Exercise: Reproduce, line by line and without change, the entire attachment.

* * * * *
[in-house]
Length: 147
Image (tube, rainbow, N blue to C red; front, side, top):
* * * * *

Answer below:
[in-house]
Length: 147
Image (tube, rainbow, N blue to C red; front, side, top):